Gastrointestinal stromal tumors, or GISTs, are tumors that grow in the tissues of the gastrointestinal (GI) tract. The GI tract includes the:
- Small intestine
- Large intestine
Together these organs help digest and draw nutrients from food. Generally, GIST tumors affect either the stomach or the small intestine.
The team of surgical oncologists at MedStar Georgetown University Hospital and Lombardi Comprehensive Cancer Center provides the most advanced, research-driven care in our area for all types of GIST tumors. You benefit from our many years of training and experience treating cancer. We treat patients with a multidisciplinary approach, which draws on the expertise of specialists in a variety of areas. We also offer access to the most advanced cancer clinical trials.
In addition, the MedStar Georgetown mission of cura personalis, or caring for the entire person, guides our work. We strive to serve all of our patients with compassion, kindness, and respect.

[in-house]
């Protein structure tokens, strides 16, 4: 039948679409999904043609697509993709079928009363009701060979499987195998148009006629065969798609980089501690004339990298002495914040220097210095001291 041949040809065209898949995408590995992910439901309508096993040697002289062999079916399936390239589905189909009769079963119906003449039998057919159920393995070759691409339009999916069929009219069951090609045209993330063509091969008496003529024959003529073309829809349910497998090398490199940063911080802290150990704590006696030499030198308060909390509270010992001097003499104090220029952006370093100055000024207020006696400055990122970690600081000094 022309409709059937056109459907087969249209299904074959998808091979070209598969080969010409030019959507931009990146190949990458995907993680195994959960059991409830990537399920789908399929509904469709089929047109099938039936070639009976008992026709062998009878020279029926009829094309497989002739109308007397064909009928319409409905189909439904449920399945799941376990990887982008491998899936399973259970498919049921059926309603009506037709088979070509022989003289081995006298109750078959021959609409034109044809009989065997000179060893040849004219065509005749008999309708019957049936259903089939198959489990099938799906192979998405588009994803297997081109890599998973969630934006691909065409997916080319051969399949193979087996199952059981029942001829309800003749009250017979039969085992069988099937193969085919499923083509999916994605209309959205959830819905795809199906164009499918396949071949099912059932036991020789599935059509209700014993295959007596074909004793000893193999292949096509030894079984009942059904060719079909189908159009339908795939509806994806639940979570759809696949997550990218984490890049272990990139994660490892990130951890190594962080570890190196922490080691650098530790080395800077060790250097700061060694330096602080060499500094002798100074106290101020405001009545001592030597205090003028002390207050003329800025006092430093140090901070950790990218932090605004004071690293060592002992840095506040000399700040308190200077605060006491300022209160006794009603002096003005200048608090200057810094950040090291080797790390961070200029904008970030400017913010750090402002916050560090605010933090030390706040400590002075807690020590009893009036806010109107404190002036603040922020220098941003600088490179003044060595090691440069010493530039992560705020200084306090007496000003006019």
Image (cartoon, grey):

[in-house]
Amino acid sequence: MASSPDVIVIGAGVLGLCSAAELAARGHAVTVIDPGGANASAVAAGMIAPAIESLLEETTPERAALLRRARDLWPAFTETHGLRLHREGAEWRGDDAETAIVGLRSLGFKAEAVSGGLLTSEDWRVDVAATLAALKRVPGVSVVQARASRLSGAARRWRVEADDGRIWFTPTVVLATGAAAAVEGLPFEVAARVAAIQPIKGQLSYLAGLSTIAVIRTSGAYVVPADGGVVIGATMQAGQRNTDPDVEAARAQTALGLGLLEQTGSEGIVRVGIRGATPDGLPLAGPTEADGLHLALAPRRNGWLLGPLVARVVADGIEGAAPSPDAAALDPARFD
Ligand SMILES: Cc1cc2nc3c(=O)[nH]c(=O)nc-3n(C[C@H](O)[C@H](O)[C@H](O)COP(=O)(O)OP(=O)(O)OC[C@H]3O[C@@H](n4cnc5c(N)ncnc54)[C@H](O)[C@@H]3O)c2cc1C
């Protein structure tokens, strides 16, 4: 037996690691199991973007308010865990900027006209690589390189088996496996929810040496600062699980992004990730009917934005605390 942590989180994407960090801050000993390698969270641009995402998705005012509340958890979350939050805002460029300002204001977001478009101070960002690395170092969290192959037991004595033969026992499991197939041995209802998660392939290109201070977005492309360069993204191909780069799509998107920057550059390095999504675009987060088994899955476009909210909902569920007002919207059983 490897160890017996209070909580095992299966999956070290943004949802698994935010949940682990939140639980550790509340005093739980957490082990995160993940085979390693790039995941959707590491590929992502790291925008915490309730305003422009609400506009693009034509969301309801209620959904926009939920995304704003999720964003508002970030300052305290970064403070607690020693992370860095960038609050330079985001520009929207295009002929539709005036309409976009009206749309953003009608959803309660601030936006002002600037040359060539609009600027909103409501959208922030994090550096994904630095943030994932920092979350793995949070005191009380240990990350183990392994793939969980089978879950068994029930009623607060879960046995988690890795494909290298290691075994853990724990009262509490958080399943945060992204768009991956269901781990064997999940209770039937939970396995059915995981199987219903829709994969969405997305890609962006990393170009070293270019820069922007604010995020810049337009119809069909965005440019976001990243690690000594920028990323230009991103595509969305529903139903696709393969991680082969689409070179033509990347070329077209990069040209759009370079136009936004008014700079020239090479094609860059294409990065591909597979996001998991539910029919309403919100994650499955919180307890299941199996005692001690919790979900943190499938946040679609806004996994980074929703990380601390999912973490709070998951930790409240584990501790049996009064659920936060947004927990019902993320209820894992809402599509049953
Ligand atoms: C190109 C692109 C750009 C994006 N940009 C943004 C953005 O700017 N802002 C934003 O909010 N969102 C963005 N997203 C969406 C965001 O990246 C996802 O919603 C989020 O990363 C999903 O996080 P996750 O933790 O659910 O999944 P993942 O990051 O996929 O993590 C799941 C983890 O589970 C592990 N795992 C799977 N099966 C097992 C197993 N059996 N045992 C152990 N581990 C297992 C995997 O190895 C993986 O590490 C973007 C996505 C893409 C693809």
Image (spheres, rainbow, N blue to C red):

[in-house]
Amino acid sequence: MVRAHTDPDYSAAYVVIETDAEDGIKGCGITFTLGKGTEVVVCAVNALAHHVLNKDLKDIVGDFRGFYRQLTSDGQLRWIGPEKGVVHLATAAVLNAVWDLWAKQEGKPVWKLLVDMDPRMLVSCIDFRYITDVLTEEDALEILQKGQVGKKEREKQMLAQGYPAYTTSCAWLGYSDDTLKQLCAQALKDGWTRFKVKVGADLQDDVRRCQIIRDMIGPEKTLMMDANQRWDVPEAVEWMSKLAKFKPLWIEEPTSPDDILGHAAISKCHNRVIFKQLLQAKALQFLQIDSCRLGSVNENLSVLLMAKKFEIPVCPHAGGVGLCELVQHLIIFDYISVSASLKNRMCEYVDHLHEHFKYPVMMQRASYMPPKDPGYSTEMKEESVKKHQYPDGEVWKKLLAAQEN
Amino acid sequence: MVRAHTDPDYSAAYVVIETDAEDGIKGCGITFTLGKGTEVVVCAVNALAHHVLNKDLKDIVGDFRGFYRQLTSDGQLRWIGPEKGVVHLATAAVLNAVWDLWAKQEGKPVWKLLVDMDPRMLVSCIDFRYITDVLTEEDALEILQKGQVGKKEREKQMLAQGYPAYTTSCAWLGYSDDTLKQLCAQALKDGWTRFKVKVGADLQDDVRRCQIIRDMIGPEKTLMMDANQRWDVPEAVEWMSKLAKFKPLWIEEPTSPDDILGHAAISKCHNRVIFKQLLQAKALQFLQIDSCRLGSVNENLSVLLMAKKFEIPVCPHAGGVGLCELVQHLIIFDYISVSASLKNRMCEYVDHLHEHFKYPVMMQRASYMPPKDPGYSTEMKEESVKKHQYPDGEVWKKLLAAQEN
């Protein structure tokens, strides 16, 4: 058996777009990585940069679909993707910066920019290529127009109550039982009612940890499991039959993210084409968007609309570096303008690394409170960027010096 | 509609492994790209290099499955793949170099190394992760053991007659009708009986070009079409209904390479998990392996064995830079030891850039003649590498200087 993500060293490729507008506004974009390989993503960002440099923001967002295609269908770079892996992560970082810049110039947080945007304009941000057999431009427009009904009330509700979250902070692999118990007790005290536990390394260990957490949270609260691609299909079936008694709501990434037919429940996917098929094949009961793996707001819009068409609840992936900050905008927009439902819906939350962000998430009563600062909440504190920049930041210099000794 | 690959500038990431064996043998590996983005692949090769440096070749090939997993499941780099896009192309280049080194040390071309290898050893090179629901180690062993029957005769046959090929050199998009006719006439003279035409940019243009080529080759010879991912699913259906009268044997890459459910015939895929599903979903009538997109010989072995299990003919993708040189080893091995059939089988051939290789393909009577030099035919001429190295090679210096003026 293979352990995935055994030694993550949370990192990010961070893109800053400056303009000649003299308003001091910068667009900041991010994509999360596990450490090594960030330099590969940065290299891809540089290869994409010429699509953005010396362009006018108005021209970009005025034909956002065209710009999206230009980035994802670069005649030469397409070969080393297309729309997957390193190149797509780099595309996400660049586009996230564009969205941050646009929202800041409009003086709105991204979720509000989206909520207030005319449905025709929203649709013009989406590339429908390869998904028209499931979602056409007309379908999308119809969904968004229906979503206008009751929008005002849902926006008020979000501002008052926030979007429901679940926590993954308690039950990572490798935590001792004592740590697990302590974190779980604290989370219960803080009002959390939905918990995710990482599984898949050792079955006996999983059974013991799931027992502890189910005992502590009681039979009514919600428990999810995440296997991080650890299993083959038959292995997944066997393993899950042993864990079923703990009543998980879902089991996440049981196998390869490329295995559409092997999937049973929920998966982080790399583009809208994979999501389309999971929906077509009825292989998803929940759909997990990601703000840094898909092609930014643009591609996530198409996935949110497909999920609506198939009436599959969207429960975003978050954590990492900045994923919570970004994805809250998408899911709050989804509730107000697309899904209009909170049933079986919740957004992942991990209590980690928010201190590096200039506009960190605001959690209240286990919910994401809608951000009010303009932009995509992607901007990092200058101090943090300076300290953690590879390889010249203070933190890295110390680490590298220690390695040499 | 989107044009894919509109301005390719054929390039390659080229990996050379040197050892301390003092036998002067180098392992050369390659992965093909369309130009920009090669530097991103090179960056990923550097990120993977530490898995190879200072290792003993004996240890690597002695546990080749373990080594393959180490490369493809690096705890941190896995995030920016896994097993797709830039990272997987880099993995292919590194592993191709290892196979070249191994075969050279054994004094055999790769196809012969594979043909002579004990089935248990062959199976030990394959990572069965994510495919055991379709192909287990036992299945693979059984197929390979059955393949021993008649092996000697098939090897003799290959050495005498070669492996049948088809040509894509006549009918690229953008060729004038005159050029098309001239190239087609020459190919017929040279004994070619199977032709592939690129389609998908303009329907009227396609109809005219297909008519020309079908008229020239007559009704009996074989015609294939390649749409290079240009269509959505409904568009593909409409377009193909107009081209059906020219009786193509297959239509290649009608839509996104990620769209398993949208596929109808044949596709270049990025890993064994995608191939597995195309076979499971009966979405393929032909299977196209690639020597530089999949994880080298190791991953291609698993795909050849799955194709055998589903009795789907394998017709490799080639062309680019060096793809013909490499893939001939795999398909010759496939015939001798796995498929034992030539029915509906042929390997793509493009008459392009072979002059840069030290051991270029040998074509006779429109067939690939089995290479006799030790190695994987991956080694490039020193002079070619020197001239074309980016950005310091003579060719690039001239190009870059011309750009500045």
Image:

GIST Risk Factors
We often don’t know why certain people develop GIST. In some cases, though, risk factors can increase your chances of developing this disease. The primary risk factor for GIST is genetics, meaning that the cancer can run in families. Certain genetic syndromes may also be GIST risk factors, including:
- Neurofibromatosis type 1
- Carney triad
Make sure to discuss with your doctor your chances of developing GIST if you have any of these risk factors.
Most patients with GIST do not have any specific symptoms. GIST symptoms are common to a variety of different problems. Check with your doctor if you experience any of the following:
- Blood in your vomit or stool
- Severe stomach pain
- Painful swallowing
- Your stomach feels full even after eating just a small amount
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